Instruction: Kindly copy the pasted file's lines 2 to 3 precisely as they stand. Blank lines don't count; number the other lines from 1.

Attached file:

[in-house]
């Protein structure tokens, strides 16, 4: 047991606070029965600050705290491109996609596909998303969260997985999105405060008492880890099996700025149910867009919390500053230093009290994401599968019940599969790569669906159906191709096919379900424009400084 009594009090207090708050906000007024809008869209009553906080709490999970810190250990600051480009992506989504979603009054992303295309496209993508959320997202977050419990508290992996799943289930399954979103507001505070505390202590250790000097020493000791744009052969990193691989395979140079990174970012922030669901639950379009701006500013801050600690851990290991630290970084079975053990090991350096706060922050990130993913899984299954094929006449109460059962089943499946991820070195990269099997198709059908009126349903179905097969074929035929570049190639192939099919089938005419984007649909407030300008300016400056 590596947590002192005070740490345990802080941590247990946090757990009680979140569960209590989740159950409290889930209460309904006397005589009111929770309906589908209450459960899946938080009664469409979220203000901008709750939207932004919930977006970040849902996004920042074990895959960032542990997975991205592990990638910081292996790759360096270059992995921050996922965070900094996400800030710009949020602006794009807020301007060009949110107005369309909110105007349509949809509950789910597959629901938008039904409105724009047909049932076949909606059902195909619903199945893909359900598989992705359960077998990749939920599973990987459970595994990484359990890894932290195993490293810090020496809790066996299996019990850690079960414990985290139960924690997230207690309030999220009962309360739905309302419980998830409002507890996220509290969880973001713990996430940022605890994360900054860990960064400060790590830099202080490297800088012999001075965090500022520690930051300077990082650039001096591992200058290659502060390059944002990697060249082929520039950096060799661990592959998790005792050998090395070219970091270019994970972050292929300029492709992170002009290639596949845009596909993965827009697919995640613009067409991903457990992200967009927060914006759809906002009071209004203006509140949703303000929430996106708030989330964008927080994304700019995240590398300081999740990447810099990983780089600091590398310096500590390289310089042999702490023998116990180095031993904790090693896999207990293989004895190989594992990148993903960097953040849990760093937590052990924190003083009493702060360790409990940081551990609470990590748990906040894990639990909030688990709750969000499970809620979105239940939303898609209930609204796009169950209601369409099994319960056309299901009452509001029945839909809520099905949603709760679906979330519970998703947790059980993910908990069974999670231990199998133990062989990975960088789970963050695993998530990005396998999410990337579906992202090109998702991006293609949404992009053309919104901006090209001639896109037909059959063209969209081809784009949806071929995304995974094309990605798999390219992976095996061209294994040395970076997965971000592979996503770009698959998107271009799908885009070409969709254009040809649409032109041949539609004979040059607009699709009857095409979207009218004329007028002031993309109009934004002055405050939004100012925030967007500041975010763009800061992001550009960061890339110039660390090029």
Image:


């Protein structure tokens, strides 16, 4: 047991606070029965600050705290491109996609596909998303969260997985999105405060008492880890099996700025149910867009919390500053230093009290994401599968019940599969790569669906159906191709096919379900424009400084 009594009090207090708050906000007024809008869209009553906080709490999970810190250990600051480009992506989504979603009054992303295309496209993508959320997202977050419990508290992996799943289930399954979103507001505070505390202590250790000097020493000791744009052969990193691989395979140079990174970012922030669901639950379009701006500013801050600690851990290991630290970084079975053990090991350096706060922050990130993913899984299954094929006449109460059962089943499946991820070195990269099997198709059908009126349903179905097969074929035929570049190639192939099919089938005419984007649909407030300008300016400056 590596947590002192005070740490345990802080941590247990946090757990009680979140569960209590989740159950409290889930209460309904006397005589009111929770309906589908209450459960899946938080009664469409979220203000901008709750939207932004919930977006970040849902996004920042074990895959960032542990997975991205592990990638910081292996790759360096270059992995921050996922965070900094996400800030710009949020602006794009807020301007060009949110107005369309909110105007349509949809509950789910597959629901938008039904409105724009047909049932076949909606059902195909619903199945893909359900598989992705359960077998990749939920599973990987459970595994990484359990890894932290195993490293810090020496809790066996299996019990850690079960414990985290139960924690997230207690309030999220009962309360739905309302419980998830409002507890996220509290969880973001713990996430940022605890994360900054860990960064400060790590830099202080490297800088012999001075965090500022520690930051300077990082650039001096591992200058290659502060390059944002990697060249082929520039950096060799661990592959998790005792050998090395070219970091270019994970972050292929300029492709992170002009290639596949845009596909993965827009697919995640613009067409991903457990992200967009927060914006759809906002009071209004203006509140949703303000929430996106708030989330964008927080994304700019995240590398300081999740990447810099990983780089600091590398310096500590390289310089042999702490023998116990180095031993904790090693896999207990293989004895190989594992990148993903960097953040849990760093937590052990924190003083009493702060360790409990940081551990609470990590748990906040894990639990909030688990709750969000499970809620979105239940939303898609209930609204796009169950209601369409099994319960056309299901009452509001029945839909809520099905949603709760679906979330519970998703947790059980993910908990069974999670231990199998133990062989990975960088789970963050695993998530990005396998999410990337579906992202090109998702991006293609949404992009053309919104901006090209001639896109037909059959063209969209081809784009949806071929995304995974094309990605798999390219992976095996061209294994040395970076997965971000592979996503770009698959998107271009799908885009070409969709254009040809649409032109041949539609004979040059607009699709009857095409979207009218004329007028002031993309109009934004002055405050939004100012925030967007500041975010763009800061992001550009960061890339110039660390090029």
Image: